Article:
With the recent release of the RStudio v1.1 it’s an opportune time to release this guide on how you can have your own RStudio server hosted in the cloud.
Having the ability to do data analysis in the cloud can be very useful if you need more processing power than your computer has. It also means all you need is an internet connection to be able to perform your data analysis wherever you are.
This tutorial will walk through how to set up RStudio on Digital Ocean. Digital Ocean offers cloud computing services and is very user friendly in my opinion.
If you sign up for Digital Ocean through this link you will get $10 in free credit to use. This will last for 2 months on a machine with 512MB ram, or 1 month on a machine with 1GB ram. Either way more than enough time to get all the way through this tutorial and give it a proper test drive.
Let’s Get Going
Once you have logged in to your digital ocean account create a droplet (Digital Ocean’s name for a server) with an Ubuntu distribution. The smallest size server will be fine for this tutorial.
Choose a region that is the closest to you.
Finally name this ‘droplet’ and click create
You should then receive an email from Digital Ocean. This email contains credentials so you can login to the droplet that was just created.
Future steps require you to SSH into the droplet. If you use a mac or a linux machine this is trivial. For those using windows you will need to install additional software to do this. This guide walks through downloading and using Cygwin, a linux emulator you can use to SSH into the droplet.
This tutorial continues with Linux.
Log in to this server by typing ‘ssh root@’ followed by the IP address. Confirm you want to continue connecting and enter the password received in the email.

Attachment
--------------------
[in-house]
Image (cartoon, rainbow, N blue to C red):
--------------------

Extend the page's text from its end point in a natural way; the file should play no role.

You will then be prompted to change your password.
One of the first things we need to do is to update the software on the droplet so that it has all the latest security and performance upgrades.
sudo apt-get update sudo apt-get upgrade
The following steps will install the required software. It will install R, RStudio and a couple of prerequisites. Enter the following into the command line of the droplet.
sudo apt-get install r-base libapparmor1 gdebi-core wget https://download2.rstudio.org/rstudio-server-1.1.383-amd64.deb -O rstudio.deb sudo gdebi rstudio.deb
Now lets add a user to RStudio called ‘rstudio’ so we can actually use it
sudo adduser rstudio
When running this you will need to create a password. It will also ask you to fill in some personal details of the user but you can skip over these if you want to.
Then we can restart the droplet by running the following command
sudo shutdown -r now
Once this is complete we can access RStudio via the bowser by navigating to the droplet address + ‘:8787’. In my case this is 18.104.22.168:8787
You will then be greeted by a login screen. Enter the credentials we just made for the ‘rstudio’ user.
Once logged in you will now see the familiar RStudio screen. Congratulations you made it!
To make sure we really look the part of a hacker, let’s change to a dark theme in the global options for the extra wow factor
For added security you should implement ssl on the droplet. This tutorial by Digital Ocean will show you how you can set up ssl secure connections on your droplet for free using Let’s Encrypt.
It will also be worth creating a shapshot of this droplet. By doing this you can spin up a copy of this droplet on a machine with much more RAM and CPUs and crush that data analysis with all the extra power.
To add more users login to the droplet from the command line and replace ‘rstudio’ with the name of your new user
sudo adduser rstudio